The year ahead for optical networking

2020 changed everything, both in our personal lives and in our working lives. In particular, it saw a major shift in how we connect with each other, with digital links replacing face-to-face ones. This inevitably had consequences for the type of networks we rely on to provide that connectivity.

As a unique and challenging year finally ends, here are some trends in optical networking that we are expecting to see in 2021.

The pandemic recedes, but leaves a lasting legacy

We all hope to emerge from the COVID-19 pandemic in 2021, but it will inevitably leave behind it some permanent changes in how we work, and in particular to how we connect and communicate.

One of the biggest shifts that we’ve already seen is the rise of the remote worker. With so many people working from home, companies have in effect been forced to undergo a global workforce experiment. Some companies have announced that employees will be able to choose where they work from. Facebook estimates that half its people will continue to work remotely for the next several years. Google is experimenting with a hybrid home and office model.

Andres Madero, Infinera

What this amounts to is that the pandemic has driven increased work flexibility for many workers, with work location defined more by access to appropriate tools and network connectivity than a physical space.

Public appreciation of broadband networks will increase

COVID-19 proved how critical our broadband networks are. Remote education and remote work are simply not possible without access to a reliable, high-capacity broadband connection. If we needed any additional proof that broadband connectivity is critical to our lives, 2020 gave it to us.

As a result, we expect to see increased support for public funding of broadband networks to ensure quality high-speed connections across physical geographies. As one example, the United States Department of Agriculture (USDA) ReConnect Program is investing hundreds of millions of dollars in grants and loans to bring high-speed broadband connectivity to rural and undeserved areas. We can expect to see a lot more initiatives like this one as the year unfolds.

800G coherent DWDM goes mainstream

So what about the technology behind all this? For one thing, we expect to see 800G fifth-generation coherent DWDM optical solutions ramping up deployments in 2021.

It is a commonplace assumption that the headline rate of each successive generation of coherent DWDM technology is limited to 100-200 km reach. But fifth-generation technology is now changing the game. Now 800 Gb/s per wavelength transmission has been demonstrated in live service provider networks, including 950 km with a well-known operator.

The underlying technologies like 96 GBaud symbol rates, third-generation digital subcarriers, and longcodeword probabilistic constellation shaping are enabling dramatically better performance. The ability to provide increased capacity per fibre with fewer wavelengths and less equipment creates a great argument for adoption.

Open and disaggregated becomes the norm

Tightly integrated networking solutions like routers and packet optical transport equipment, where one vendor supplies all hardware and embedded software, has been the way we have always done things. But in truth such solutions can limit the pace of innovation and stifle choice for service providers.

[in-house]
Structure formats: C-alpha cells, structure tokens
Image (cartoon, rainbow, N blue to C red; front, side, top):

By disaggregating and utilising well-defined open interfaces such as OpenConfig and Open ROADM, it is possible to isolate portions of a networking solution to speed innovation, enable choice, and improve costs. Service providers that are upgrading their 5G transport networks are increasingly interested in disaggregated routing solutions like the Telecom Infra Project’s Disaggregated Cell Site Gateway (DCSG).

We are also seeing the rise of open optical networking, where transponder/muxponder modules powered by next-generation optical engines are disaggregated from the underlying optical line system. Open optical networking means that the speed of optical engine innovation and the associated transponder/muxponder functionality can be accelerated while enabling broader industry deployment, as these modules can be run over any vendor’s optical line system. We expect 2021 to see a change in service provider thinking whereby ‘open and disaggregated’ becomes the new norm.

Multipoint pluggable optics have their moment

As the optical networking industry optimises packaging and power, we are getting the emergence of coherent DWDM pluggable modules like 400G ZR which can be plugged directly into a network infrastructure, like optical transport equipment and switches and routers. While beneficial for some applications, such solutions are not architecturally innovative.

Point-to-multipoint pluggable optics, on the other hand, are about truly reinventing network architectures. With support for 16 individually assignable 25 Gb/s subcarriers in a single pluggable 400G optic, service providers can reduce and/or eliminate intermediate electrical aggregation points in the network. An analysis recently showed that multipoint optics can deliver a 76% total cost of ownership savings for a major operator over a five-year period.

We expect 2021 to be the year when multipoint optics emerge from the lab and move into service provider networks.


Andres Madero

CTO Latin America & Caribbean for Infinera


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